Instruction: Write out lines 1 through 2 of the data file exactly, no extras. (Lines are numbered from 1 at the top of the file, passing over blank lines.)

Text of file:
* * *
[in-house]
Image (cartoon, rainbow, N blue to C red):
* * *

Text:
[in-house]
Image (cartoon, rainbow, N blue to C red):